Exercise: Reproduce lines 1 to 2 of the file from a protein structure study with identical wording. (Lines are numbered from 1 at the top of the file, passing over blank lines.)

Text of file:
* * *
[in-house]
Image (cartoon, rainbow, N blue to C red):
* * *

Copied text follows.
[in-house]
Image (cartoon, rainbow, N blue to C red):